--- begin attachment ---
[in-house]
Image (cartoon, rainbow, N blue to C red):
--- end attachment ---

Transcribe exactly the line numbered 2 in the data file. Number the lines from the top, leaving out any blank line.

Image (cartoon, rainbow, N blue to C red):